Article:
The Great Double-Barrel Debate: Side-By-Side vs. Over/Under Shotguns

Side-by-side shotguns used to be everywhere, but the over/under is taking over. What gives?

posted on April 7, 2022
Duck Shooting on Saratoga Lake, David Williams, 1883
Duck Shooting on Saratoga Lake, David Williams, 1883. Public domain

Take a close look at gamebird artwork from a century ago and you will likely see a hunter leveling a double-barrel side-by-side shotgun at a rising rooster ringneck, a covey of flushing quail or possibly a flying ruffed grouse. Fifty years later, similar artwork shows the same gamebirds, but now our intrepid hunter is swinging a pump-action or semiautomatic single-barrel shotgun. Today, it’s back to the double-barrel once again, only this time it’s an over/under shotgun.

That’s a very quick history lesson, but in a nutshell it’s the story of the double-barrel shotgun in America—art imitating life. Philip Schreier, director of NRA Museums, explains.  

“Side-by-side shotguns were popular from the era of the percussion age to well past the turn of the 20th Century,” he said. “The side-by-side shotgun was, in all actuality, the gun that won the West, as most every farmer/pioneer that went west carried a side-by-side shotgun.”

Schreier continued, “Once hammerless lock designs were improved, the over/under was a natural progression of the evolution of the shotgun. The gun designing genius of John M. Browning gave America its first over-under in the 1930s, named the Superposed.”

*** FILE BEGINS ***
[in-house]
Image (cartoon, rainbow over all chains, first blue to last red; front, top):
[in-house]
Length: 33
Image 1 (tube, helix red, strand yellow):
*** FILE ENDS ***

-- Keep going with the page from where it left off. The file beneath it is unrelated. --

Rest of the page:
So why then, today, are over/under shotguns much more available than side-by-sides? Longtime gunsmith Jim Eyster (Heritage Gunsmiths, has the answer.

“Through the years, there is no doubt that over/under shotguns have overtaken side-by-side shotguns in popularity,” he said. “Where that is most evident is in competition shooting, because competitive shotgun shooters want whatever gun works best. So, unless it’s a vintage shoot—meaning the competition is limited to side-by-side shotguns—everyone these days is shooting an over/under when it comes to double-barrels.”

The reason behind that choice, according to Eyster, is that over/under shotgun barrels are easier for manufacturers to collimate than side-by-side barrels; in other words, getting both barrels to shoot at the same place on the center of the target. “Side-by-side shotgun barrels have more issues left and right (horizontal), whereas with over/under shotguns the issues are up and down (vertical), and vertical problems are easier to correct than horizontal,” Eyster said.

Another advantage of over/under shotguns is that both barrels are aligned directly with the rear sight of the shotgun, which is the shooter’s dominant eye. Also, since the barrels are stacked atop one another, a term known as superposed, a shooter can see around and below the barrels of an over/under easier than a side-by-side. This is especially important when shooting rising clay targets or gamebirds flushed from cover.